A university student has claimed she was spiked by a needle while out at Nottingham’s Pryzm nightclub.
Zara Owen, 19, who is studying French and Spanish at the University of Nottingham, was out with friends on Monday, October 11.
She said she entered the nightclub on Lower Parliament Street and made her way to the bar – but that is the last thing she can remember before waking up in her bed the next day.
It comes as another nightclub, Stealth, said it had also received reports of two women feeling unwell, who suspected they may have been spiked when Nottinghamshire Live contacted them for a comment about Zara’s experience. Stealth said it is working with police who are investigating the incident.
Zara, who had not had much to drink, woke up with a sharp pain in her leg instead of a hangover, and no recollection of what had happened the night before.
She said: “I couldn’t remember anything – I had no memory of the night at all.
“It’s like I wasn’t even there, which is obviously terrifying to look back on. I woke up very confused. I was in a lot of pain – I had a shooting pain in my leg and I was limping really heavily.”
Her friends told her that while out she had wandered off and into a nearby chicken shop where luckily she was found by another friend who made sure she got in an Uber and went home safely.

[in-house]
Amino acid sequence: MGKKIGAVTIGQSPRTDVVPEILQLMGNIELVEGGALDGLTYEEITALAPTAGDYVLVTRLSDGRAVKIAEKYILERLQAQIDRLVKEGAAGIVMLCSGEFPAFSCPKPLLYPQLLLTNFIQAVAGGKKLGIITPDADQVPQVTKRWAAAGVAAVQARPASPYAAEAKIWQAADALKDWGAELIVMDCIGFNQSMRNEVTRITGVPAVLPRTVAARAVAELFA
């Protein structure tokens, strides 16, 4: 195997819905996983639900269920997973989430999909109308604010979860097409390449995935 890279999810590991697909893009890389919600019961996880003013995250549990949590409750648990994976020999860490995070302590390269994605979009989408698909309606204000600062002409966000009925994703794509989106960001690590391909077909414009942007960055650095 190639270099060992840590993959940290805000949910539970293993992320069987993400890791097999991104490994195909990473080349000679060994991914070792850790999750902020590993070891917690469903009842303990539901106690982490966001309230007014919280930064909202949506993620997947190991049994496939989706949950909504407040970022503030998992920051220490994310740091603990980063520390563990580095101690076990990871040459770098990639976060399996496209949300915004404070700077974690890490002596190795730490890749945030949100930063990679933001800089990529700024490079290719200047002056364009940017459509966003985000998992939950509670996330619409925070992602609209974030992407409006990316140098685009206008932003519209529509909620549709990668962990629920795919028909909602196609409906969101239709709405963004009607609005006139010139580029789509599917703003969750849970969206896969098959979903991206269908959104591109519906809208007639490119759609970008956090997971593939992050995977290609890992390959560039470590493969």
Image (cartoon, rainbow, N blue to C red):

She believes she may have been spiked due to her complete memory loss, along with the pain in her leg which she believes may have been from being injected by a needle.
Zara, who is originally from Surrey, later went to the hospital to get herself checked out – but, after a wait of more than eight hours, left in the early hours of the morning without being seen.
She has instead booked herself an appointment with her GP and, after looking at her leg more closely, she noticed a pinprick indicating her suspicions may have been correct.
She continued: “For me to have left the club by myself is completely out of character – it’s very dangerous.
“I always go anywhere in a nightclub with someone, whether that is to the bar, to the toilet – anything. When you go into Pryzm, you go through a metal detector – so for someone to get a needle in there is unbelievable.
“It’s very scary that something like this can happen.”
Zara was wearing jeans on the night out which means any needle would have had to have gone through denim and into her leg. She has since reported the incident to Nottinghamshire Police.
Zara posted about the terrifying ordeal online, to try and warn others about what happened. She says girls are “running out of ways to protect themselves” and wants to raise awareness about needles potentially being used to spike people.
She says she has seen similar stories from other women who believe they may have been spiked by a syringe while on a night out.
A spokesperson for Pryzm Nottingham said: “We take all allegations of this nature seriously. The safety and welfare of our guests is our number one priority and we do everything we can to create a safe and fun night out.
“We urge anyone who sees suspicious behaviour, or suspects they have been a victim of spiking, to seek assistance immediately from a member of staff or security, who are trained to help and who also have the support of our onsite medic.